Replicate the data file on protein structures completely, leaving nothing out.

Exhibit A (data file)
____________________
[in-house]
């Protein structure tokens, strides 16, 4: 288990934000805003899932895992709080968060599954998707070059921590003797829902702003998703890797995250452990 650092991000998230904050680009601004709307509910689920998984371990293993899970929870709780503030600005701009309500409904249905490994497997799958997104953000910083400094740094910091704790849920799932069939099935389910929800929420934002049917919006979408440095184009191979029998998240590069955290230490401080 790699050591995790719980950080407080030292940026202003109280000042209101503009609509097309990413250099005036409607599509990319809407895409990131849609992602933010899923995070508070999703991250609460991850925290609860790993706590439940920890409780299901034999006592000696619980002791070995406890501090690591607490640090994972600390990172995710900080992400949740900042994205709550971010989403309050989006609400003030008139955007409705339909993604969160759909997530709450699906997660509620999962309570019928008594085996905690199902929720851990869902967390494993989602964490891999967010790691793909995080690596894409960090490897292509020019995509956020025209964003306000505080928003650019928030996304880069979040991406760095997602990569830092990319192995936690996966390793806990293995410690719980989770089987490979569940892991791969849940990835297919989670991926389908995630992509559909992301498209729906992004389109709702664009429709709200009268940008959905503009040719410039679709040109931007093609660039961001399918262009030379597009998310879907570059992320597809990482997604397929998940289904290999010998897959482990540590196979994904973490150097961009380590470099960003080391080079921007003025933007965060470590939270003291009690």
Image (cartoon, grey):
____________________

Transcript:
[in-house]
């Protein structure tokens, strides 16, 4: 288990934000805003899932895992709080968060599954998707070059921590003797829902702003998703890797995250452990 650092991000998230904050680009601004709307509910689920998984371990293993899970929870709780503030600005701009309500409904249905490994497997799958997104953000910083400094740094910091704790849920799932069939099935389910929800929420934002049917919006979408440095184009191979029998998240590069955290230490401080 790699050591995790719980950080407080030292940026202003109280000042209101503009609509097309990413250099005036409607599509990319809407895409990131849609992602933010899923995070508070999703991250609460991850925290609860790993706590439940920890409780299901034999006592000696619980002791070995406890501090690591607490640090994972600390990172995710900080992400949740900042994205709550971010989403309050989006609400003030008139955007409705339909993604969160759909997530709450699906997660509620999962309570019928008594085996905690199902929720851990869902967390494993989602964490891999967010790691793909995080690596894409960090490897292509020019995509956020025209964003306000505080928003650019928030996304880069979040991406760095997602990569830092990319192995936690996966390793806990293995410690719980989770089987490979569940892991791969849940990835297919989670991926389908995630992509559909992301498209729906992004389109709702664009429709709200009268940008959905503009040719410039679709040109931007093609660039961001399918262009030379597009998310879907570059992320597809990482997604397929998940289904290999010998897959482990540590196979994904973490150097961009380590470099960003080391080079921007003025933007965060470590939270003291009690």
Image (cartoon, grey):